Australia

Australia’s vaccine rollout ‘on track’ as country records zero new local cases


Treasurer Josh Frydenberg insists Australia is still on track to receive the Pfizer COVID-19 vaccine from February, as new figures suggest people are more than happy to get their jab.

The Therapeutic Goods Administration is due to approve the Pfizer vaccine, and others Australia has signed up to, in the coming weeks.

“We are not about to cut corners,” Mr Frydenberg told reporters in Melbourne.

He said Australia is not in the same position as the US and UK where there are tens of thousands of cases each day with many lives lost.

“We have the virus under control here in Australia,” the treasurer said.

“But we do want to roll out the vaccine, that’s why the TGA’s is going through its normal processes and we are still on track to receive this Pfizer vaccine, mid to late February.”

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Health Minister Greg Hunt believes new immunisation figures show Australians have faith in the TGA to provide expert advice and ensure the safety and efficacy of all vaccines provided to the community.

Immunisation rates for five-year-olds are now beyond the aspirational target of 95 per cent coverage, reaching 95.09 per cent in the December quarter of 2020 and exceeding the World Health Organisation estimated international average of 86 per cent.

“These figures show Australians have both the capacity and the will to lead the world in taking up COVID-19 vaccines, as they recognise how important vaccination is, and how it protects and saves lives.”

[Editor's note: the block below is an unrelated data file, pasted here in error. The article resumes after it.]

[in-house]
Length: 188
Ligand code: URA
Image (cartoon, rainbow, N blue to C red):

There were no new locally acquired COVID-19 cases recorded across Australia on Sunday, while four new infections were reported in hotel quarantine in NSW and Victoria.

Meanwhile, Victorian authorities on Sunday said there were no new cases linked to Australian Open tennis quarantine and that one case has now been reclassified, meaning there are now nine positive cases rather than 10.

In Victoria more broadly there was just one new case, a man in his 40s who is in hotel quarantine.

Victorian health authorities asked people to stay sensible and celebrate Australia Day in a COVID-safe way.

“The movement of people is a main driver for the spread of COVID-19 and this virus can spread quickly, so we urge the people of Victoria to use common sense this Australia Day,” they said.

There were no new locally acquired COVID-19 cases in South Australia and NSW, ut three were recorded in NSW hotel quarantine.

Even so, the NSW health department reiterated testing rates are too low.

It said sewage testing detected coronavirus fragments at Warriewood on the northern beaches and North Head, which takes in Manly. Recent sewage testing has also uncovered coronavirus fragments at Liverpool.

“High testing rates are necessary to give confidence that no cases are going undetected in the community,” Dr Christine Selvey said.

WA will reopen its borders to NSW and Queensland from Monday, although travellers will still be required to self-isolate for 14 days.

People in Australia must stay at least 1.5 metres away from others. Check your jurisdiction’s restrictions on gathering limits. If you are experiencing cold or flu symptoms, stay home and arrange a test by calling your doctor or contact the Coronavirus Health Information Hotline on 1800 020 080. News and information is available in 63 languages at sbs.com.au/coronavirus.

Please check the relevant guidelines for your state or territory: NSW, Victoria, Queensland, Western Australia, South Australia, Northern Territory, ACT, Tasmania.

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